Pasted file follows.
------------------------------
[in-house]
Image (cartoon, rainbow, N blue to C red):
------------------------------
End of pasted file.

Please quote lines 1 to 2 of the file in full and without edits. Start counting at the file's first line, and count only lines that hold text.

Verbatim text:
[in-house]
Image (cartoon, rainbow, N blue to C red):